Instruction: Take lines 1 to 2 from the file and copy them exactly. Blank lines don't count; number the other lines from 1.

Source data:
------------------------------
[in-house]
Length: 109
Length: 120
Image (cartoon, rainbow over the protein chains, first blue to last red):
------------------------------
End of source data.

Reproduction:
[in-house]
Length: 109